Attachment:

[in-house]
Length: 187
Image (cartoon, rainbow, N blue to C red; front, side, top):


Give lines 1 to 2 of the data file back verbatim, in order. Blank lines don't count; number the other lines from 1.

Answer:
[in-house]
Length: 187